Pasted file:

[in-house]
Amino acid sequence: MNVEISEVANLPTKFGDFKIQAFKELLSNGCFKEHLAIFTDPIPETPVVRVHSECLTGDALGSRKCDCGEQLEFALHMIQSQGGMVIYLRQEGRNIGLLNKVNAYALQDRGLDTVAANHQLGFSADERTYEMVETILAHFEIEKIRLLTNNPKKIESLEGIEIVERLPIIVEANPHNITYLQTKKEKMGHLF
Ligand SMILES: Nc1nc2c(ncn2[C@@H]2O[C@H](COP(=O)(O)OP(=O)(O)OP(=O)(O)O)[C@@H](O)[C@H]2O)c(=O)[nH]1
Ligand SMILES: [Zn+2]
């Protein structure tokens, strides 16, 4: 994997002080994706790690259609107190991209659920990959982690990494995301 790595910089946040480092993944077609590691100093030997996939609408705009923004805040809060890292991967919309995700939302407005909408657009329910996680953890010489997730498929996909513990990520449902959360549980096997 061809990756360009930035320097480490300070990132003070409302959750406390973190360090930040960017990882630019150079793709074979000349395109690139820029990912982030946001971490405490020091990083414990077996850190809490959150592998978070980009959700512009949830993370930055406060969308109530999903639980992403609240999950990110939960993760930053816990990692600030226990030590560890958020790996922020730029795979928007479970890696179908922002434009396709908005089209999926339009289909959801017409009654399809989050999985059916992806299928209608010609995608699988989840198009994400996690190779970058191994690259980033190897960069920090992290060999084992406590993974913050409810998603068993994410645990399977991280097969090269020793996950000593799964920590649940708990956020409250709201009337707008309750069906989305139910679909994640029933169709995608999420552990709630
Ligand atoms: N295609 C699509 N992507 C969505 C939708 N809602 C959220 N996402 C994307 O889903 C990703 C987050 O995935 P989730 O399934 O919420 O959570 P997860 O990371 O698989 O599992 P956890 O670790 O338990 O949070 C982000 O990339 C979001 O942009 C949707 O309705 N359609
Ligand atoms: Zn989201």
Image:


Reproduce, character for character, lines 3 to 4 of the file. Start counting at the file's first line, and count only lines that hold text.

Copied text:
Ligand SMILES: Nc1nc2c(ncn2[C@@H]2O[C@H](COP(=O)(O)OP(=O)(O)OP(=O)(O)O)[C@@H](O)[C@H]2O)c(=O)[nH]1
Ligand SMILES: [Zn+2]